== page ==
Commentary on the Gospel of
The celebration of Easter will be such an intense and incisive moment in our lives, that we become aware today of being part of the man who is in the world.
"To us the shame on the face, to the Lord mercy", the prophet Daniel warns us by pointing out that the shame is not of the individual, but collective. Shame is published with verbs and many pronouns in the first plural even: "to us". It is certainly not a question of diluting personal responsibility, but of subtracting that possible crutch, represented by the collective outcome. It also specifies shame as "on the face", that is, public, clearly visible! In order to be well present in my speaking and acting.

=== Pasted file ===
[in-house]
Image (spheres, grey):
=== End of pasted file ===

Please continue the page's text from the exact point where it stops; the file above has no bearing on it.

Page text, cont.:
Now, while in the experience of Israel, God is totally different, marking the distance We-God, Shame-Mercy, in the Gospel, Jesus reveals to us the Father's mercy. Jesus is the love of the Father who walks our streets. He knows and takes upon himself the experience of the people's shame, to transform it internally. The face of the new Israel, of our face, is in fact transfigured into the face of Christ himself. Thanks to the Paschal Mystery of Christ, we abandon shame in order to be merciful to each other, as our Father is merciful.